Ahh… Now that’s a pretty sight!  Fresh and clean.  I love that.  Don’t you?

But you’re not quite done yet.  Check your bobbin case.  Make sure there isn’t a few dusties hiding in it, slinking around those round edges inside it.  If so, gently (I do mean gently) brush them out too. Careful not to brush your tension spring out of it’s slots (if you have this type of bobbin case).  See more about a bobbin cases in an earlier post I published this May by clicking HERE.

Nice and shiny bright-looking.  
 Now for those needles.  Do you hear thump, thump, thump?  Clunk, clunk?  Change your needle! Right away. Do not delay! A dull needle is a broken needle, and no one likes broken needles.  They can be scary, and there’s always a chance the point/tip can break off and flick upward into your eyes, or possibly stay down in your machine or damage the bobbin/timing mechanism.Please… I beg you! Don’t skimp on a needle!  It’s the least expensive thing in machine maintenance, and it’s so much more fun to sew and quilt when you have a good, sharp needle, a sparkling clean, and well-oiled machine to play on.  


Hip Hip Hooray! Here’s to a clean machine! 

Comments 4

  1. I dust out my machine about every bobbin or two, depending on what I am stitching. I do oil every time I clean it out too. It really doesn't take much time.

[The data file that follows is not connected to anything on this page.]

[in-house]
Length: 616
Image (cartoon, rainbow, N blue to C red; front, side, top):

Short story – one quilt class I was teaching several years ago had a student that was bragging about not having broken a needle in several years so she had kept using it. I suggested she might want to put in a new one as the old one should be rather dull and she didn't know why as it "still worked".

    I change my needle quite frequently – like you say you can hear the thump, thump.

  2. Good tutorial and pictures. I clean my Bernina 640 at least once per week if not more and give her a drop of oil, too. She "talks" to me when she needs oil. Unfortunately, I was not as kind to my Featherweight. Finally decided to bite the bullet and oil her yesterday – there are oodles of places to oil! Hubby and I followed the book, but must have done something wrong because the timing was off and she is now at the Featherweight hospital. So, I'll be asking for detailed instructions on how to oil her properly — I love that little machine!

  3. My Bernina definitely starts talking to me when she needs cleaning. But I use the little micro vacuum attachment kit. I was told never to use the canned air. It may take a few minutes to attach the kit to my vacuum cleaner hose, but it has worked beautifully. It's also great for other sensitive equipment.